Terms of Surrender, Hiss Golden Messenger’s latest release, is a dark and troubling beast. Following a trio of sunny LPs – Lateness of Dancers (2014), Heart Like a Levee (2016) and Hallelujah Anyhow (2017) – it sees songwriter and shaman M.C. Taylor execute a sudden bank into blackness.
Everything from the menacing, throaty blues harp on ‘Whip’ to the barked, indistinct vocals on ‘Down at the Uptown’ speak of pain. The cover is black, adorned with a mess of straw. A nest disturbed, sanctuary unravelled. The inner sleeve is riven with strands of white paint, like confused Rorschach static. Taylor himself peers out of the murk on the back, mouth and nose covered by a clenched hand, kohl-rimmed eyes burning beneath newly long, lank hair.
Gone is the purposeful optimism of Hallelujah, its high-road belief in the goodness of families, towns and communities, its desire to counter Trumpism with humanism. In place of that roadworn joy, a thundercloud hangs over the wax. This is the sound of a man close to the edge – which indeed he was.
2018 was a rough year for Taylor. His father suffered a heart attack and his depression meds stopped working. He was feeling the weight of separation from his family during long stints on the road – the same family who have provided the light on earlier records.
In the midst of these storms, a lesser man might have fallen silent. But Taylor put pen back to paper and wrote the songs that would become Terms of Surrender. The result is an exquisite, trembling meditation on pain and doubt.
‘My Wing’ starts on Hiss’s signature off-beat guitar vamp, but it’s weaker than usual, quieter, less sure. It takes time before the more strident electric takes up the call and pushes the track into movement, and all the while Taylor sounds cagey, twitchy, as though he’s having to fight to stay focused on the melody.
‘Bright Direction’ is the closest the album comes to a traditional Hiss tune, rolling along on a breezy Hammond line and a chord progression that’s almost poppy. But there’s still a rich seam of melancholy to be mined, a hint of worry in the words and sounds: ‘I’ve been wandering lately / Drowned in information / Somehow I’m still lonely / It’s a complex equation.’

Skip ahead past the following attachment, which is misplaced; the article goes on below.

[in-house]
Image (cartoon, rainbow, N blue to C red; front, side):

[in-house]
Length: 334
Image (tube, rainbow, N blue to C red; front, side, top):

The album’s nightshade vibe reaches its apotheosis on ‘Old Enough To Wonder Why’, a stark, gothic swamp-stomp. Heavy drums, otherworldly harmonica and pure, quavering synths paint a worrisome, spiky backdrop as minimal banjo and murmured vocals fill the foreground. Like so many of Hiss’s best songs, it’s not out-and-out miserable – the key is broadly major, the melodies have swing, the harmonies are bluesy – but there’s an indistinct menace gliding below the surface.
These ominous atmospherics are followed by the moonlight balladry of ‘Cat’s Eye Blue’ whose skeletal sparsity stands in stark contrast to more familiar, light-in-autumn Hiss fare. Monotone drumbeats again set the tone, punctuating gossamer veils of synth and Will-O-The-Wisp backing vocals. Taylor’s mournful voice is barely louder than a whisper, cracking round the edges as he agonises between despair and the slight wings of hope: ‘I ain’t perfect, baby / You can hear when I’m singing. / Little bird on the wing / Almost too quiet to notice / I’ll follow the thing.’
This album is little short of a masterpiece. Taylor fashions the venerable stuff of American folk into new anthems of eternal significance, his nasal whine picking the fibres of life, his chickenfoot guitar scratching at the dirt of time. On Terms of Surrender, he stares right down the barrel of darkness and somehow comes up with a quivering light.
Art doesn’t slap you in the face, but it stays in your veins. And an infusion of Surrender takes a long old time to exit your bloodstream.